As a teenager, I picked up the implication that the couplet referred to our Father in Heaven. After all, at church, when we say God, we almost always are referring to the Father. I think, however, that the couplet takes on a more enlightening meaning if we interpret it instead to refer to Jesus Christ.

The scriptures suddenly made more sense to me when I had the epiphany about 10 years ago that "God" is not the name of the Father. It is a title that is properly applied to either the Father, the Son, or the Holy Spirit. For example, Matthew refers to Christ as "God with us" when writing about the birth of Christ [2], and Christ refers to Himself as God when discussing His sufferings for our sins. [3]

So, since Christ can properly be referred to as God, the couplet can be interpreted as follows:
As man is, God once was;
Jesus was born as an infant. He grew into a child, then a man. He lived as one of us, subject to the pains and sorrows of life. He had friends and family. He had enemies. He wept. And finally, He died.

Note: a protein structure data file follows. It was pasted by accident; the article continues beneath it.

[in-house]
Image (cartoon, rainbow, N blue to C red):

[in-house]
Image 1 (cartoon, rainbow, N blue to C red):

As God is, man may become.
Christ was risen from the dead, never to die again. He dwells in a glorious realm, free from toil and strife. He can be forever with His loved ones. This can be our eternal reward as well.

[1] When Gordon B. Hinckley was interviewed on Larry King Live and asked about that couplet, he downplayed its doctrinal significance.
[2] Matthew 1:23 "Behold, a virgin shall be with child, and shall bring forth a son, and they shall call his name Emmanuel, which being interpreted is, God with us."
[3] Doctrine and Covenants 19:16-18 "For behold, I, God, have suffered these things for all, that they might not suffer if they would repent...Which suffering caused myself, even God, the greatest of all, to tremble because of pain, and to bleed at every pore..."

Tuesday, October 4, 2011


Every now and then I feel like I've taken too long to get started on my life. (I know that most of why my start on life was delayed was due to forces outside my control and the rest of the delay was because I served a mission, but melancholy doesn't respond to logic.) When my parents were my age, they owned a house and had two kids, my dad was established in his career, and the only debt they had was their mortgage. I just barely finished school, I'm in limbo in a dead-end job because nobody is hiring lawyers, I still rent, and I have massive student loan debt.